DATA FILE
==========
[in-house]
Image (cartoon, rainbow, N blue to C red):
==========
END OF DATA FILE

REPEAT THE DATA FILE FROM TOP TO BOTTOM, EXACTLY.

[in-house]
Image (cartoon, rainbow, N blue to C red):